I’m seventy-six now and for a long time now I have contemplated making a wound in myself just to see if I glow.
But for now, at least, I am at this window and I am thinking about breathing.
Margaret’s latest shop, ordered online – oh yes, she is computer-literate, thank you very much – and delivered to the front door by an anonymous gloved hand, is lined up on the counter-top like a miniature city. A thuggish, spouty container of detergent, a thin tower of disinfectant spray, a monolithic nine-pack of loo rolls lord it over the low-rise goods, cans of mixed beans, chickpeas, salmon. She’s not sure why she’s ordered these. Since Fintan died she hasn’t bothered with cooking much, resorting to hyphenated food. Film-wrapped. Oven-ready. But with someone else doing her shopping, she was afraid she’d be judged nutritionally if she only ordered microwaveable stuff.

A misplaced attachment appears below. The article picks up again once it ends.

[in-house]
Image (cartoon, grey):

She used to be proud of her store cupboard. There was always something in there she could mix in, or add, to zip up a shop-bought soup or bulk out a stew.
“You’re thrifty,” Fintan used to say. “Like a war bride.”
“Excuse me,” she’d say, “I’m a war baby, born in 1945, thank you very much!”
She liked being 12 years younger than Fintan. She’d been the baby of the family and she’d never lost the notion that everyone in the room was older than she was. If it hadn’t sounded so foolish, she’d still be declaring her age in fractions – I’m 74½, thank you very much.
Now her age is an underlying condition. She’s vulnerable. It’s official. She walks and swims and sings in a choir and was, up to a week ago, a perfectly functioning member of society, but now she’s somehow lesser. That’s why she’s given up watching the news with its fruit machine of fatalities. She feels targeted.